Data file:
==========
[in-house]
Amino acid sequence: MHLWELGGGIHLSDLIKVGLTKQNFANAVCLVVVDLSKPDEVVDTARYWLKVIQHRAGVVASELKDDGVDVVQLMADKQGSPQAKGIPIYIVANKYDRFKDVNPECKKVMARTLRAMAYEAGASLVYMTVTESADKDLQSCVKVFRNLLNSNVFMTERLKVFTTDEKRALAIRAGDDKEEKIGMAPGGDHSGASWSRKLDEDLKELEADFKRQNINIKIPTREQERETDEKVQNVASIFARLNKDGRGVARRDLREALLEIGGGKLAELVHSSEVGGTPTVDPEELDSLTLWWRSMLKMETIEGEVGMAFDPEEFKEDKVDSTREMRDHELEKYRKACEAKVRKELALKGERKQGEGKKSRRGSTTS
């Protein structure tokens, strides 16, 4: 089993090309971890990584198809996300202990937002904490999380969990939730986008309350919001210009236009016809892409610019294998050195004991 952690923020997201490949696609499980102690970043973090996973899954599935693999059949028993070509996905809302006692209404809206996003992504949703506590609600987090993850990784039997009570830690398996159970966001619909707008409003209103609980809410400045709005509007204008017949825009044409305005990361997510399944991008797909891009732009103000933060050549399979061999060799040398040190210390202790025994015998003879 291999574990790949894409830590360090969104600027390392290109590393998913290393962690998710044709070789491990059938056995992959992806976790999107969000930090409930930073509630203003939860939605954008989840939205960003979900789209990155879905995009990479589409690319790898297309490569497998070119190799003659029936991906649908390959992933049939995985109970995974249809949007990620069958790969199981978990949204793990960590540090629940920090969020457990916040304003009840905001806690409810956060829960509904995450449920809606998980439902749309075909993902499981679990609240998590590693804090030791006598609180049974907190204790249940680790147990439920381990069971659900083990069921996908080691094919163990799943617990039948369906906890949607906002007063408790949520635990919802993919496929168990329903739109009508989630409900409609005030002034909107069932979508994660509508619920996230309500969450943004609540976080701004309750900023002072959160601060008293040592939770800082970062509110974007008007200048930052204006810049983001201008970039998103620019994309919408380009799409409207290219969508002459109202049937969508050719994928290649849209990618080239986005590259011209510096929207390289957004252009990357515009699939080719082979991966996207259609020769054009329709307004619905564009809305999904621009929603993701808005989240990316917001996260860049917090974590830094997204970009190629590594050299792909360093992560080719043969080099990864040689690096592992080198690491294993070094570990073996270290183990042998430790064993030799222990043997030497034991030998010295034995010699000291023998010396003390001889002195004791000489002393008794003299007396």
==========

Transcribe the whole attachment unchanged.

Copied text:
[in-house]
Amino acid sequence: MHLWELGGGIHLSDLIKVGLTKQNFANAVCLVVVDLSKPDEVVDTARYWLKVIQHRAGVVASELKDDGVDVVQLMADKQGSPQAKGIPIYIVANKYDRFKDVNPECKKVMARTLRAMAYEAGASLVYMTVTESADKDLQSCVKVFRNLLNSNVFMTERLKVFTTDEKRALAIRAGDDKEEKIGMAPGGDHSGASWSRKLDEDLKELEADFKRQNINIKIPTREQERETDEKVQNVASIFARLNKDGRGVARRDLREALLEIGGGKLAELVHSSEVGGTPTVDPEELDSLTLWWRSMLKMETIEGEVGMAFDPEEFKEDKVDSTREMRDHELEKYRKACEAKVRKELALKGERKQGEGKKSRRGSTTS
């Protein structure tokens, strides 16, 4: 089993090309971890990584198809996300202990937002904490999380969990939730986008309350919001210009236009016809892409610019294998050195004991 952690923020997201490949696609499980102690970043973090996973899954599935693999059949028993070509996905809302006692209404809206996003992504949703506590609600987090993850990784039997009570830690398996159970966001619909707008409003209103609980809410400045709005509007204008017949825009044409305005990361997510399944991008797909891009732009103000933060050549399979061999060799040398040190210390202790025994015998003879 291999574990790949894409830590360090969104600027390392290109590393998913290393962690998710044709070789491990059938056995992959992806976790999107969000930090409930930073509630203003939860939605954008989840939205960003979900789209990155879905995009990479589409690319790898297309490569497998070119190799003659029936991906649908390959992933049939995985109970995974249809949007990620069958790969199981978990949204793990960590540090629940920090969020457990916040304003009840905001806690409810956060829960509904995450449920809606998980439902749309075909993902499981679990609240998590590693804090030791006598609180049974907190204790249940680790147990439920381990069971659900083990069921996908080691094919163990799943617990039948369906906890949607906002007063408790949520635990919802993919496929168990329903739109009508989630409900409609005030002034909107069932979508994660509508619920996230309500969450943004609540976080701004309750900023002072959160601060008293040592939770800082970062509110974007008007200048930052204006810049983001201008970039998103620019994309919408380009799409409207290219969508002459109202049937969508050719994928290649849209990618080239986005590259011209510096929207390289957004252009990357515009699939080719082979991966996207259609020769054009329709307004619905564009809305999904621009929603993701808005989240990316917001996260860049917090974590830094997204970009190629590594050299792909360093992560080719043969080099990864040689690096592992080198690491294993070094570990073996270290183990042998430790064993030799222990043997030497034991030998010295034995010699000291023998010396003390001889002195004791000489002393008794003299007396």